Safety while an issue does not seem to be as important here. This is likely why they are able to make things cheaper. OSHA mostly just forces U.S. companies to layoff their workers and leave the country.

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I have heard several times that there are a lot of opportunities for women in the workforce. Here a woman supervises a man.

I think boy cots and free market forces are better suited to setting safety standards than heavy handed governmental regulation. No one wins when a factory closes because it has been regulated out of business.

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Here we are learning about plastic bag production. This factory does a lot of cross training. No one is indispensable not even the CEO.

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The left over plastic (right) is recycled and used in other plastic goods.

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Heather Gates showing off a freshly printed bag. The bags had to be custom made and custom printed.

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Here is a Graphic Mechanic, or as we would call her, a graphic artist. She designs what will go on the plastic bags.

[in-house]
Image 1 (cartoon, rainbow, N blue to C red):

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Our wonderful profesoras

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I just can´t take enough photos of Quito.

 

Thomas Umstattd Jr. is the author of Courtship in Crisis, the former head of PracticalCourtship.com, and co-founder of the Austin Rhetoric Club, a homeschool speech and debate club in Austin, Texas. He is a professional speaker and CEO of Author Media. He sits on the board of directors for several nonprofits, including the Texas Alliance for Life.

Please note: I reserve the right to delete comments that are offensive or off-topic.

7 thoughts on “Ecuador Day 5 – Tuesday March 18

  1. Wow! Love those photos with explanations. I want to smell a really strong rose!!!! Must have been wonderful, and yes, those are essential oils. Rose oil is the most expensive and powerful of all essential oils. It has the highest frequency. How can we know if we are buying a rose from Equador? Or are all roses from Equador?

  2. Day 5 looks so interesting. Roses, tentmaking missionaries, teacher missionaries, coffee, and plastic bags. WOW! I love the pictures too! Looks like you are learning a lot about business in Ecuador. And it looks like you all might have had a little fun too… :-))

  3. What is name of plastics company you visited while there? I need to find a reputable plastic manufacturer in ecuador . thanks

  4. Julie,

    I had to ask my professor and here is her response:

    “We visited Polipack (www.polipackec.com) which is the plastics company that produces the industrial plastic. Jorge Zaidan showed us through this plant. We also visited Fupel (www.fupel.com) which is company that produces the plastic bags with the graphics on them for companies like Centrum, Kodak–Ecuador, and others.”

    -Thomas